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Survival of the Fittest (the Crossroads Trilogy Book 1) Kindle Edition
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- File Size : 3682 KB
- Publication Date : March 6, 2019
- Print Length : 313 pages
- Word Wise : Enabled
- Publisher : Structured Learning LLC (March 6, 2019)
- Language: : English
- Text-to-Speech : Enabled
- ASIN : B07NKM58GB
- Enhanced Typesetting : Enabled
- X-Ray : Not Enabled
- Simultaneous Device Usage : Unlimited
- Lending : Enabled
- Best Sellers Rank: #27,848 in Kindle Store (See Top 100 in Kindle Store)
- Customer Reviews:
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The contest is bittersweet to Xhosa, for the other challenger is Nightshade, a warrior she sees as a possible pairmate. It’s a brutal challenge, testing any human’s strength, cunning, and agility. In the end, she and Nightshade save each other, but Nightshade cedes the leadership to Xhosa.
However, she becomes leader at a troubled time. A different form of prehistoric man is moving in, one that vocalizes more than they should and seems to have no desire to share the land. They want nothing more than to drive Xhosa and her people away, or failing that, to kill them.
A book such as this stands or falls on its descriptive powers, and the descriptions in this book are sharp and vivid. For example: “Broad-winged white-bellied birds screeched as they swooped in search of food, and a cacophany of insects chirruped their displeasure at her intrusion. A stone’s throw away, a hippo played, heaving its great bulk out of the water, mouth gaping, snorting and grunting, before sinking beneath the surface.”
Survival of the Fittest is set at a slightly later date and features Xhosa, the unusually adaptable and innovative daughter of the leader of a large group called "the People". Xhosa has been allowed to learn to use weapons and hunt with the warriors of the group and has a strong relationship with Nightshade, a giant of young warrior, who is her father's Lead Warrior at the commencement of the story. Early in the story, a hunting group including Xhosa's father, Xhosa herself and Nightshade are attacked by a savage group of a different people called "the Others" and Xhosa's father is killed during the resulting skirmish. These leads to a battle for leadership between Xhosa and Nightshade which results in a lot of unresolved issues and conflicts between the pair.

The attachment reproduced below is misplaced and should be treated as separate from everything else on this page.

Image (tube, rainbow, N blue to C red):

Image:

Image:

The Others are more advanced that the People and have sharp stone tipped spears which fly much further than the People's heavier and less innovative weapons. It soon becomes apparent that the People are in grave danger from the threat posed by the Others who covet their land, which is rich and desirable. Xhosa wants to leave and search for a new home for the People, following the cairns left by her father when he made a journey years before. Nightshare wants to stay and fight. Before a decision is made, the dynamics of the People change due to the arrival of another group, led by Pan-do and his young and unusual daughter, Lyta.
This book is well researched and every sentence demonstrates the author's excellent knowledge of her subject and this time period. The story is similar in some respects to the Earth Children series but I find it more realistic and I don't have to suspend my belief nearly as much while reading this book.
The characters in this new story are engaging and interesting. Xhosa is an unusual woman of high intellect and great physical strength. Her father has encouraged her to follow a different path from the other women of the tribe and learn to fight and lead like a man. Xhosa is driven by her need to do the best she can for her people and ensure the survival of the tribe. She realises that this goal means she has to be prepared to uproot the group from their current home and strike out in search of a new home. She also knows that the journey will not be easy and that many will be sacrificed along the way. Xhosa is a good leader and is prepared to take the necessary steps to do this.
Nightshade is a conflicted personality. He comes across as loyal, in many ways, to Xhosa but also jealous of her position within the tribe and irritated by her leadership methods and decisions. I never felt comfortable that Nightshade was truly behind Xhosa and felt she should be wary of him which, of course, she isn't.
Pan-do was my favourite character in the book. He is the perfect leader, binding the group together and providing for distraction and light relief when needed to prevent the group from becoming overwhelmed and despairing. He is also cunning and clever and saves Xhosa, Nightshade and the People from certain death on more than one occasion. Pan-do is open minded and is devoted to his daughter who is a bit of a psychic and has visions. This quality of Pan-do's extends to other people within the tribe who have unusual insight.
This book will appeal to readers who enjoy a well-researched and believable historical novel with a solid plot and well developed and interesting characters.